It’s championship college football all before Labor Day

I must admit that I really, really want a college football team. I want one so badly, that I’d actually promise to rise and shine for my 9:30 a.m. class. I’d make my bed, call my family more, and I’d even get my books for that one class that just bores me to death.

But none of this stuff is going to happen anytime soon. There will be no tailgating, no beverages of choice, and no burgers cooking on my Foreman grille. Maybe I should visit a few friends at Penn State University some weekend. I could drive up in October or November when Ohio State University and then the University of Michigan come into Happy Valley. Wouldn’t that be fun? But again – enough of what isn’t going to happen.

What is happening in this early college football season before Labor Day weekend should not be missed. If you happened to miss Penn State’s pounding of the suddenly not-so-mighty University of Arizona, you might have missed the first Pacific 10 Conference team to exit the national championship race.

This sport is amazing in that it’s pretty much one and done. If you lose, whether it be in August or January, you can pretty much kiss it all goodbye. The University of Miami defeated a perennial championship contender in Ohio State last Sunday. So September arrives and the Buckeye powerhouse is in deep, deep trouble. The University of California at Los Angeles visits Ohio State in two weekends, and could you imagine if the Buckeyes were dealt their second defeat before Big Ten Conference play begins? And if the Bruins fell, that would be at least two teams from out west to find themselves near the point of early season desperation.

It’s like 12 Rose Bowls being played four months too early, but the stakes in these games are still sky-high. And of course let’s not forget Notre Dame University at Michigan Saturday. Two highly-ranked teams – one that will rise in the rankings and one that will fall. Find a schedule of any team and you will see that many of the nation’s best are putting it all on the line right away.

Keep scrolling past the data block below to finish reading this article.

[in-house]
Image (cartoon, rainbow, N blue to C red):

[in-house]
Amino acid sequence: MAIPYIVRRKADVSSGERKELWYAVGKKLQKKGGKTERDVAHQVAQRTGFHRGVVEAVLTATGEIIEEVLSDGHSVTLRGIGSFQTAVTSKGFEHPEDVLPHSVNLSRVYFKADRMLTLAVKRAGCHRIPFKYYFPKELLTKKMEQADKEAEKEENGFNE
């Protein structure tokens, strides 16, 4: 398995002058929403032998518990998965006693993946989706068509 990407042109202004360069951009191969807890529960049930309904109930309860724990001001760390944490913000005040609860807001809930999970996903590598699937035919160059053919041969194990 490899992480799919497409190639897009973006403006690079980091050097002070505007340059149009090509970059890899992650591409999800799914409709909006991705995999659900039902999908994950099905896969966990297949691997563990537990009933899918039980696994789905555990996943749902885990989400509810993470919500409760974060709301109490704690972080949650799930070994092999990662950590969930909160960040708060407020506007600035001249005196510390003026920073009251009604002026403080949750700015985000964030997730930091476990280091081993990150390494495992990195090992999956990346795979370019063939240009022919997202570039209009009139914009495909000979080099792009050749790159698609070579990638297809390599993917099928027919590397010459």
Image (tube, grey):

I’m beginning to think these crucial games are being played just so teams can cancel themselves out and the NCAA can potentially avoid having too many undefeated teams come New Year’s Day. The NCAA last year came up with this No. 1 seed vs. No. 2 seed match-up to be played out for the championship. This year, the lucky two teams play Jan. 4 in the Sugar Bowl. Still, there’s no playoff system, almost no margin for error and at least one team, probably more, that will be shunned from its rightful shot at the title.

This process is an improvement from the still unsettling season of 1994-’95 when undefeated Penn State was declared the second-best team in college football behind an undefeated University of Nebraska team. Saying which team was better at this point is a personal opinion. For some, it’s a very deep and passionate one. Three years later there was Nebraska once again, undefeated. And standing beside them, undefeated, were the Michigan Wolverines. This time, the two teams shared the national title – reaping the benefits of a lesson learned the hard way for some fans.

Anyway, do yourself a favor and don’t overlook the early weeks of the college football season as they in fact will set the tone for the Sugar Bowl hopefuls. And I do wish we had a football team here, regardless of how good or bad it would be. But I’m quite glad I don’t go to Ohio State or Arizona these days – and either Notre Dame or Michigan come this weekend – because an 0-1 record means trouble, big trouble, in the wonderful world of college football.

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